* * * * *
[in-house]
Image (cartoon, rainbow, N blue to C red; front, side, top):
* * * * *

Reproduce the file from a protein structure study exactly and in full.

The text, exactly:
[in-house]
Image (cartoon, rainbow, N blue to C red; front, side, top):